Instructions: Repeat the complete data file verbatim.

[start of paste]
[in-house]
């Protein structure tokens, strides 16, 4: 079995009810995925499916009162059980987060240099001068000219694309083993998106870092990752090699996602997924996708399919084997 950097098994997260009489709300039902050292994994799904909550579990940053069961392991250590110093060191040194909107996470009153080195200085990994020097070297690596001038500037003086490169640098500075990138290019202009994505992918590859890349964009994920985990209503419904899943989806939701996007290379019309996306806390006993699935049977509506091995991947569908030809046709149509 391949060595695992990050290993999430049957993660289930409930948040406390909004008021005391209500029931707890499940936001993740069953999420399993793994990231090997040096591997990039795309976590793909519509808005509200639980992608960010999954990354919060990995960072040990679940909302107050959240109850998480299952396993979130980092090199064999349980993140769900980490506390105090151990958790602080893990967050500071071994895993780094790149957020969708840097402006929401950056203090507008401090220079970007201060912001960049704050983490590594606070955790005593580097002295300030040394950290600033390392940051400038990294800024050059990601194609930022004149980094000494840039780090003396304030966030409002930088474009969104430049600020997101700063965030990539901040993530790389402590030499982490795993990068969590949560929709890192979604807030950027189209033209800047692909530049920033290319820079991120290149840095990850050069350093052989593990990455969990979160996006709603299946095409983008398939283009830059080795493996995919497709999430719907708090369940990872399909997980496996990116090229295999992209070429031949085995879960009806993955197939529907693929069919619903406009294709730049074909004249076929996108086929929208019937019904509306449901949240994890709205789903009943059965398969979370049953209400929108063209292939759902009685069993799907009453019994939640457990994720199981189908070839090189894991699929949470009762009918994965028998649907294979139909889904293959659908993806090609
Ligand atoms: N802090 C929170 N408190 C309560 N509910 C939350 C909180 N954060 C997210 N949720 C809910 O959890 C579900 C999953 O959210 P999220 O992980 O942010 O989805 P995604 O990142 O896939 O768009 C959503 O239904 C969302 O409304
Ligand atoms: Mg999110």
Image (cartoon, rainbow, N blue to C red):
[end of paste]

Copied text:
[in-house]
């Protein structure tokens, strides 16, 4: 079995009810995925499916009162059980987060240099001068000219694309083993998106870092990752090699996602997924996708399919084997 950097098994997260009489709300039902050292994994799904909550579990940053069961392991250590110093060191040194909107996470009153080195200085990994020097070297690596001038500037003086490169640098500075990138290019202009994505992918590859890349964009994920985990209503419904899943989806939701996007290379019309996306806390006993699935049977509506091995991947569908030809046709149509 391949060595695992990050290993999430049957993660289930409930948040406390909004008021005391209500029931707890499940936001993740069953999420399993793994990231090997040096591997990039795309976590793909519509808005509200639980992608960010999954990354919060990995960072040990679940909302107050959240109850998480299952396993979130980092090199064999349980993140769900980490506390105090151990958790602080893990967050500071071994895993780094790149957020969708840097402006929401950056203090507008401090220079970007201060912001960049704050983490590594606070955790005593580097002295300030040394950290600033390392940051400038990294800024050059990601194609930022004149980094000494840039780090003396304030966030409002930088474009969104430049600020997101700063965030990539901040993530790389402590030499982490795993990068969590949560929709890192979604807030950027189209033209800047692909530049920033290319820079991120290149840095990850050069350093052989593990990455969990979160996006709603299946095409983008398939283009830059080795493996995919497709999430719907708090369940990872399909997980496996990116090229295999992209070429031949085995879960009806993955197939529907693929069919619903406009294709730049074909004249076929996108086929929208019937019904509306449901949240994890709205789903009943059965398969979370049953209400929108063209292939759902009685069993799907009453019994939640457990994720199981189908070839090189894991699929949470009762009918994965028998649907294979139909889904293959659908993806090609
Ligand atoms: N802090 C929170 N408190 C309560 N509910 C939350 C909180 N954060 C997210 N949720 C809910 O959890 C579900 C999953 O959210 P999220 O992980 O942010 O989805 P995604 O990142 O896939 O768009 C959503 O239904 C969302 O409304
Ligand atoms: Mg999110």
Image (cartoon, rainbow, N blue to C red):